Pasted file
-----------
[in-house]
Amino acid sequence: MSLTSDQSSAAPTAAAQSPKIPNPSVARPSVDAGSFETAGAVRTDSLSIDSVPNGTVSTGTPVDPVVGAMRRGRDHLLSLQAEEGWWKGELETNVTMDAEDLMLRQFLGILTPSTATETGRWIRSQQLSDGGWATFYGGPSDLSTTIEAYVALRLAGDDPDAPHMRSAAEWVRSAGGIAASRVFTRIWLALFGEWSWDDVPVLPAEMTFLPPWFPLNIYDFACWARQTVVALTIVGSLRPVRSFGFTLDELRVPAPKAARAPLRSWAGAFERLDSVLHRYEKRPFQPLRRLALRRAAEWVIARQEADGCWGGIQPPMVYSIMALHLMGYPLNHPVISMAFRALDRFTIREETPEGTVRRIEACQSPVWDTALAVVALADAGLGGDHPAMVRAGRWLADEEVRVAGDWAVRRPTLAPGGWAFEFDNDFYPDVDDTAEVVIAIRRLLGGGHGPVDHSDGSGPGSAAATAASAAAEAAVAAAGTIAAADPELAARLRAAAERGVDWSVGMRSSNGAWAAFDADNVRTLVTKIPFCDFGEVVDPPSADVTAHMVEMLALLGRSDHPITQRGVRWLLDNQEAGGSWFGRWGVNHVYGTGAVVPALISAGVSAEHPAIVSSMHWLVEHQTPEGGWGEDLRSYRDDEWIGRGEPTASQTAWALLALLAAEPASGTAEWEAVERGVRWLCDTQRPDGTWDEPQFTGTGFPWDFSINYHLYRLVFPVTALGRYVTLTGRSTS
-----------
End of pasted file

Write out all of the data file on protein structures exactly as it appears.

[in-house]
Amino acid sequence: MSLTSDQSSAAPTAAAQSPKIPNPSVARPSVDAGSFETAGAVRTDSLSIDSVPNGTVSTGTPVDPVVGAMRRGRDHLLSLQAEEGWWKGELETNVTMDAEDLMLRQFLGILTPSTATETGRWIRSQQLSDGGWATFYGGPSDLSTTIEAYVALRLAGDDPDAPHMRSAAEWVRSAGGIAASRVFTRIWLALFGEWSWDDVPVLPAEMTFLPPWFPLNIYDFACWARQTVVALTIVGSLRPVRSFGFTLDELRVPAPKAARAPLRSWAGAFERLDSVLHRYEKRPFQPLRRLALRRAAEWVIARQEADGCWGGIQPPMVYSIMALHLMGYPLNHPVISMAFRALDRFTIREETPEGTVRRIEACQSPVWDTALAVVALADAGLGGDHPAMVRAGRWLADEEVRVAGDWAVRRPTLAPGGWAFEFDNDFYPDVDDTAEVVIAIRRLLGGGHGPVDHSDGSGPGSAAATAASAAAEAAVAAAGTIAAADPELAARLRAAAERGVDWSVGMRSSNGAWAAFDADNVRTLVTKIPFCDFGEVVDPPSADVTAHMVEMLALLGRSDHPITQRGVRWLLDNQEAGGSWFGRWGVNHVYGTGAVVPALISAGVSAEHPAIVSSMHWLVEHQTPEGGWGEDLRSYRDDEWIGRGEPTASQTAWALLALLAAEPASGTAEWEAVERGVRWLCDTQRPDGTWDEPQFTGTGFPWDFSINYHLYRLVFPVTALGRYVTLTGRSTS